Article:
So on Monday morning, Shapps found himself at a bit of a loose end. Out of boredom, as much as curiosity, he phoned his government department. “Look on the bright side,” said his special adviser. “You’re not the only minister who has been caught out. Paul Scully is stuck in Lanzarote.”


“Who is Paul Scully?”


“No idea. But I’ve been told he’s been tweeting photos of a couple of beers on the Playa Dorada along with some bollocks about people behaving confidently and sensibly.”


“So, can you give me any more information about what’s going on? Can’t we at least open up the Canaries and the Balearics?”


“Fraid not. The Foreign Office has got it in for them, too. God knows why. Nobody in Whitehall has a clue what’s going on.”


“Well, can we try and find out where Dominic Raab [Secretary of State for Foreign and Commonwealth Affairs] is going for his holidays and impose quarantine restrictions there? Even if it’s in England and it means closing down the whole of the West Country. Come on, I don't want to be seen as the only idiot, my wife's giving me serious grief."


Bored and frustrated, but feeling a plan coming together, Shapps dozes off. Only to be woken a few hours later by the return of his family. “It’s no good. I’ve decided I’m going home on Wednesday,” he told them. “I’m bored out of my mind on my own here.”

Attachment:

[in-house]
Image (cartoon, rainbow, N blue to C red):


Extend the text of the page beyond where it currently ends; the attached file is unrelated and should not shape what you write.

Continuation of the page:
“Are you serious?” his wife replied (note: we've deleted the obvious expletive). “You mean you dragged us all out here knowing we were going to be in quarantine and now you’re going back early because of the quarantine. You can’t make this stuff up. No wonder most people think everyone in government is a complete twat.”


“I’m sorry. But I think it’s for the best,” MisShapps mumbled sheepishly. “And I guess I might get some time off quarantine with a visit to Barnard Castle. In any case I won’t have to do any food shopping as I can take advantage of the government’s obesity strategy that will give me £10 off every Burger King Deliveroo meal in August.”


Inspired by an article in The Guardian